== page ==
• Place the flattened sheet in the auxiliary paper feed of a copier. It is important that the paper is very flat as it can cause a jam in the copier. I roll the sheet backward multiple times and store it flat in a book.
  • The toner will very lightly cling to the surface of the paper.

Image transferring and plate grounding options

  • Plasticine (modeling clay)
  • Make small rolls of tape and place on the back of the plate to adhere to the table.
  • Roll plasticine over the plate to create a light grease-like film. Keep this very lean, it does not take much.
  • Tape Parchment Paper with toner side down (packing tape works best) or Tracing paper with graphite side down over the plate.
  • Burnish back of the paper.
  • The toner on the parchment paper visibly comes off of the paper, making it much easier to know when you are finished. With tracing paper and graphite, you may need to periodically lift up the paper to see if it has transferred.
  • If you are using a toner transfer, you can heat set it to the plate with either a hot plate or a heat gun. Heat the surface for 30 seconds to a minute and let it cool down. Alcohol or polish will take off the toner.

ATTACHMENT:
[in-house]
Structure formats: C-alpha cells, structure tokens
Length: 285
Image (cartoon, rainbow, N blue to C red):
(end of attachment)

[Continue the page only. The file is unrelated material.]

• If you are using a graphite transfer, it will smudge off fairly easily. Scribe with an etching needle all of your contours, so you have the image set into the plate.

 

  • Transfer solution – 1 Part Dammar Varnish: 9 Parts Isopropyl Alcohol

 

  • Make small rolls of tape and place on the back of the plate to adhere to the table.
  • Brush on the plate a very light layer of transfer solution. Keep this very lean, it does not take much. If you put too much on, the transfer will bleed and look unclear.
  • Tape Parchment Paper with toner side down (packing tape works best) or Tracing paper with graphite side down over the plate.
  • Burnish back of the paper.
  • The toner on the parchment paper visibly comes off of the paper, making it much easier to know when you are finished. With tracing paper and graphite, you may need to periodically lift up the paper to see if it has transferred.
  • The plate will be a little sticky, but will at least hold the line drawing much better than plasticine.

 

Sharpening 

Test if the tool is sharp by gently placing the tip of the tool in your thumbnail. If it sticks, you are ready to engrave!

  • Sharpening with a rolling jig
  • In the rolling jig, make sure that the set screw is even. Sometimes the screw can be dented from use. If it is not even, take the screw out and grind it across the stone to make it flat. Put the screw back in.
  • Clamp your graver in the top opening of the of the rolling jig with the blade sticking out about an inch. After doing so, place the rolling part of the jig on the stone and lean the graver face forward to touch the stone. If the graver does not lay flat on the stone, loosen the set screw and adjust the graver face to lay as flat as possible.
  • Put one drop of oil on the stone and roll over it with the jig only to move oil around.
  • Once the oil is distributed, place the face of the graver on the stone. Applying a little pressure, move both graver and rolling jig back and forth.
  • Finish off by stroking the face of the graver across a leather strop.

 

  • Sharpening with powerhone